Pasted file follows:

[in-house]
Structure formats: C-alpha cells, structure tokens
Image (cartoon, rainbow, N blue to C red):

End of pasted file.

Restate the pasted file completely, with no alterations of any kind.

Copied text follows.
[in-house]
Structure formats: C-alpha cells, structure tokens
Image (cartoon, rainbow, N blue to C red):